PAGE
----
When I took my TOEFL (Test of English as a Foreign Language) exam sometime in 2008, I knew it was a futile exercise and I approached the test venue with all the contempt I could muster (I got 110/120, by the way). The reason was because English to Nigeria was not a foreign language but a national one. Everyone who has gone to school, especially through a university like I had – has acquired a competence that is as native as anyone else in England, America, or Australia. And although there are isolated cases of poorly formed university graduates in Nigeria (as well as in some other post-colonial societies) whose grasp of the language would not improve even no matter the amount of input, it was safe to say that graduating from the university was enough proof that one was competent enough in the national language which had been one’s medium of instruction in school from around age two or much earlier (and six, for some).
My linguistics classes in the university opened my eyes to a few of the reasons for this standardized test. The linguist Braj Kachru’s famous work on English’s “concentric circles” divides the English speaking world into three places. The inner circle is where the language is spoken as the sole language (England, US, Australia, etc), the outer circle is where it is spoken as a colonial language (India, Nigeria, Philippines etc), and the expanding circle where it is spoken only to be able to interact with the rest of the world (Japan, China, Saudi Arabia etc). That definition successfully relegates the post-colonial British world into a second place where competence is measured not just by situation of birth as what can be proven through standardized test – a very problematic situation. According to Wikipedia entry on the matter, a person’s native language “is the language(s) a person has learned from birth or within the critical period, or that a person speaks the best and so is often the basis for sociolinguistic identity.”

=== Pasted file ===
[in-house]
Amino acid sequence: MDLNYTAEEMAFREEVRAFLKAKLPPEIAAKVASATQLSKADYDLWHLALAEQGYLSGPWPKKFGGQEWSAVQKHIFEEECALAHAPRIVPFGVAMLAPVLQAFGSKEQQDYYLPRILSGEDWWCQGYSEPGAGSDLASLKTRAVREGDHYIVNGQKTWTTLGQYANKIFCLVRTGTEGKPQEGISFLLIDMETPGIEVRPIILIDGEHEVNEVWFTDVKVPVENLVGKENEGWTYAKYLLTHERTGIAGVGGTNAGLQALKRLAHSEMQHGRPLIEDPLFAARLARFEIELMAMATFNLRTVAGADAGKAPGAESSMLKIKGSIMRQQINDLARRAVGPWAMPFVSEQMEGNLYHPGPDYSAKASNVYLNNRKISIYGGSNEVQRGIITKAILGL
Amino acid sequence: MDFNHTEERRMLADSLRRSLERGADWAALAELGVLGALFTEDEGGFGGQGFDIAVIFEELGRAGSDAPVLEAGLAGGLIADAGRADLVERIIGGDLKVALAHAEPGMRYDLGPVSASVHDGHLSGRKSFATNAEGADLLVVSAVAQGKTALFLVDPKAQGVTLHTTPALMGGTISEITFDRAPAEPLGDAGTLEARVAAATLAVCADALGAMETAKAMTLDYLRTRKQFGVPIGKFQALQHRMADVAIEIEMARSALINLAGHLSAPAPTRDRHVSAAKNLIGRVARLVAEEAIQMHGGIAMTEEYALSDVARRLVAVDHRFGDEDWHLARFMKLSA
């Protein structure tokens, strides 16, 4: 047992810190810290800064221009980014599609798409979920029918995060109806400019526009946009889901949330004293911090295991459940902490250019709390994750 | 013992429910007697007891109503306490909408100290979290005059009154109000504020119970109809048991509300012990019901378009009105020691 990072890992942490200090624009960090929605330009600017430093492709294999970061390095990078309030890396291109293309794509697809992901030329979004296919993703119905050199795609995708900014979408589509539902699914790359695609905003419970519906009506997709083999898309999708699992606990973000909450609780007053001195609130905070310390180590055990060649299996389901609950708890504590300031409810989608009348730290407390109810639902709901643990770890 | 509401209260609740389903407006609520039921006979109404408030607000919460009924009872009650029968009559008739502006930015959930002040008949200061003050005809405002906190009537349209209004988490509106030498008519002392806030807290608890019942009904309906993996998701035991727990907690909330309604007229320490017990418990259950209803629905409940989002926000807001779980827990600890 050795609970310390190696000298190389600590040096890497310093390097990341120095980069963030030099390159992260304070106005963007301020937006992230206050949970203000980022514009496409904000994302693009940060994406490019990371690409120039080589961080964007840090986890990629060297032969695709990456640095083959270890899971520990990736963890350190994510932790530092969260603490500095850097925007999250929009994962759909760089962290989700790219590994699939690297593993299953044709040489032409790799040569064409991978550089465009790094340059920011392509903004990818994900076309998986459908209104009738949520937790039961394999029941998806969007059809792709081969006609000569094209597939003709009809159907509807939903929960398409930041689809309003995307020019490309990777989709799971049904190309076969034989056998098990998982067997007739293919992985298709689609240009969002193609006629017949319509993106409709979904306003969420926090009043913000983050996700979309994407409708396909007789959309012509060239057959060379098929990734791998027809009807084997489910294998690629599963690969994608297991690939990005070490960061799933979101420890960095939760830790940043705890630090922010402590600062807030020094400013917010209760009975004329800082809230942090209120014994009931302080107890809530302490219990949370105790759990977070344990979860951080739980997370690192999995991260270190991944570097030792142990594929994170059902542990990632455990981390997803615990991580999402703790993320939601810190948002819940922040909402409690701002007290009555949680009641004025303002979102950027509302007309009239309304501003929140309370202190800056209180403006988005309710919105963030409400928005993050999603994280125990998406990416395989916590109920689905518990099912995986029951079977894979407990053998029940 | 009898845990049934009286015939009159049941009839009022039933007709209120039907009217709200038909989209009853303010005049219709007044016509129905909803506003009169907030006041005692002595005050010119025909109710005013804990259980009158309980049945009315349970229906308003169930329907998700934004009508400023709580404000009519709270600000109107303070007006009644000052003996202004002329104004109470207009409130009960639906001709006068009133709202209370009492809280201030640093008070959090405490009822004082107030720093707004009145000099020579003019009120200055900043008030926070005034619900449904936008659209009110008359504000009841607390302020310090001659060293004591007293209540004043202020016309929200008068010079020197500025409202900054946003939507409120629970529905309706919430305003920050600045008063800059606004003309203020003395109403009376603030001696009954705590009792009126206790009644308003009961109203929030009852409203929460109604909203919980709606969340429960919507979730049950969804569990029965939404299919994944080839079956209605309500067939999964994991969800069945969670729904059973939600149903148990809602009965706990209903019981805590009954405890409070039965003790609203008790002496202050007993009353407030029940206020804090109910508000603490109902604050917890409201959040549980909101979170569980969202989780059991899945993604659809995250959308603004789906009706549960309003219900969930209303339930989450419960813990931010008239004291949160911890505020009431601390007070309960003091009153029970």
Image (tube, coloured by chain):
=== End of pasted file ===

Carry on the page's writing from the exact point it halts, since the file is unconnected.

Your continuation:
In Nigeria, as in India, Philippines, Jamaica, Trinidad and many other former colonies of Britain (and the United States), contact and exposure to English for many occurs during the “critical period” and develops over time with more exposure to education and progress up the social ladder. Thus by the time one is old enough to graduate from the University (and for many far earlier than that), they are already sufficiently socialized not just in the language use but also in the cultural nuances that come with it to be able to pass for a truly native speaker. We have the media to thank for that as well. The presence of abundant corpus of brilliant literature from these places should be enough to put any doubt about this to rest. VS Naipaul, described as the master of “modern English prose” published his first novel The Mystic Masseur in 1957 when he was just 25. Wole Soyinka, Africa’s first Nobel Laureate in Literature already published his play The Lion and the Jewel in 1967 when he was 33. Chinua Achebe’s Things Fall Apart which is widely regarded as the archetypal African novel in English was published in 1957 when the author was just 28.
Now, our wikipedia definition continues: “In some countries, the terms native language or mother tongue refer to the language of one’s ethnic group rather than one’s first language.” This is precisely where my issue lies, especially if any of such countries include the United States of America where many “native speaker” citizen graduates of universities will perform very poorly on the TOEFL test. Most job openings for linguists today require that the applicants be “native speakers of English.” What one would wish is that this stipulation is not based on this second but the first definition of “native language.” It will be disastrous if this were not the case. The closest I got to finding out is a discussion I started a few weeks ago on Facebook about whether I – born and raised in Nigeria (with Nigerian English and sufficient access to both British and American linguistic and cultural conditioning) – would be considered a native speaker. All responders said that I would not. The reason was not that I don’t speak the language with native-like proficiency, it is that I acquired the language along with another one during my critical period. It is likely that if any of my Facebook friends were on the board of my job application, I may have to go apply elsewhere.
Luckily however, as I found out a few minutes ago, the list of countries exempt from taking the TOEFL now includes Nigeria. (When I took the exam, the only African countries exempted from taking it were Liberia and South Africa. Go figure.) I am therefore glad to hear this finally though it takes the sting out of the indignation that I had brought to writing this post. I had once suggested that American students begin to take the TOEFL before getting into universities as well in order to vet their English language proficiency. It’s not going to happen, of course, but the idea tickles me.